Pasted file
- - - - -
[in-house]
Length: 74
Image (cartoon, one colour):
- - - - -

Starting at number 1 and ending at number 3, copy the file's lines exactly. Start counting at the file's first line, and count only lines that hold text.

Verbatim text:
[in-house]
Length: 74
Image (cartoon, one colour):